|VOTE by Theresa Thompson is licensed CC BY 2.0
I gave another tug, a little more forceful this time. Still nothing. However, my franchise finally paid some attention to me, looking at me with tired eyes, as if to say, "How about warming me up a bit first, hmm? Maybe letting me stretch a bit first?" That's when I realized that I was about to exercise my franchise without properly preparing it for the ordeal ahead. So, I sat down, got to work, started massaging its enfeebled muscles, and began my own personal voter guide.
Today I'm going to cover the statewide questions in Nevada this year.
Statewide Question No. 1
Shall the Nevada Constitution be amended to create a Court of Appeals that would decide appeals of District Court decisions in certain civil and criminal cases?
My vote: NO
This question has been on the ballot several times over the years, and, each time the voters have shot it down pretty resoundingly. So, why does it keep coming back? Good question - and there's a good answer. The Nevada Supreme Court is a busy, busy court. Last year alone, the Supreme Court heard 2,373 cases, or 339 cases per justice. That's almost one case per day, including weekends, being tried by each of the justices - or, at least, it would be if each judge was allowed to try cases individually. Instead, the Nevada Supreme Court uses two groups of three-justice panels to try most cases, with the Chief Justice filling in as needed and otherwise supervising the groups. This means that, in order to keep up with the current caseload, each panel must somehow try over 1,000 cases each year.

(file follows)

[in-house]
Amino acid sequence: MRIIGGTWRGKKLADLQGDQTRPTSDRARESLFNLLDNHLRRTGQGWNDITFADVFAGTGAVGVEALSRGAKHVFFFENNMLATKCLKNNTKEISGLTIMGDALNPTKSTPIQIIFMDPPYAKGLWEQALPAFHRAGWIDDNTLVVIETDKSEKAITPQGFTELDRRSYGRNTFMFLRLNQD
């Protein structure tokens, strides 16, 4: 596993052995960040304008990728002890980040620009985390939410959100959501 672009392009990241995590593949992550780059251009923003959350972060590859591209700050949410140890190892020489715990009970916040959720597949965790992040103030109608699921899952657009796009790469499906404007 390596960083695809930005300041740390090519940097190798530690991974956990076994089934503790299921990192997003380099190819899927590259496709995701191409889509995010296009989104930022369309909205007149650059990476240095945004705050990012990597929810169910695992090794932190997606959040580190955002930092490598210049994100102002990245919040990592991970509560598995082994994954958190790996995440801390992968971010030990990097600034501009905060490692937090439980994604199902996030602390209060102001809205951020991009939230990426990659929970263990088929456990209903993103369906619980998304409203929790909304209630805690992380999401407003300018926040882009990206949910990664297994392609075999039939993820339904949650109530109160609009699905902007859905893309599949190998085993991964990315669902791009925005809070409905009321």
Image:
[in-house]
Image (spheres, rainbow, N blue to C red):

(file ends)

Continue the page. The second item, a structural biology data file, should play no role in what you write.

There's no way justice is being served at that rate.
The proposed solution in Question 1 is pretty straightforward - create a Court of Appeals to handle some of the caseload and add an additional layer between the District Court system and the Nevada Supreme Court. By itself, this actually isn't a bad idea - since appellate justices can handle cases individually, while higher courts traditionally handle cases as a body, a few individual appellate justices can clear out casework considerably more efficiently and effectively than an extra few Supreme Court justices. This also prevents the Supreme Court from having to unofficially create a court of appeals by hearing cases in small groups, only for each group to contradict each other and then have to rehear the case (or hear a similar case in the future) as a full group to sort it out.
So what's the problem?
The biggest problem is that the proposed Court of Appeals is way too small. Assuming that the same number of cases are appealed as there are now, each justice would still have to somehow handle over 700 cases each per year. Given that kind of a caseload, there would be considerable pressure to simply push the cases out of their hair and into the Supreme Court as fast as humanly possible - or, worse yet, categorically reject appeals out of hand regardless of merit. The result would be a traditional Nevada solution - a well meaning, half baked, inadequate mess that makes a bad problem just that much worse.
Eventually, if the political will is there, it's possible that the Legislature might expand the Court of Appeals - if Question 1 passes, that's certainly on the table. However, this is the Nevada Legislature we're talking about; the only time our august body exercises anything resembling "political will" is when a rich tycoon shows up and promises riches beyond the dreams of avarice, if only someone will zero out his tax bill. Consequently, we can be guaranteed to see a still-overloaded Nevada Supreme Court with a harried Court of Appeals running interference - the worst of both worlds.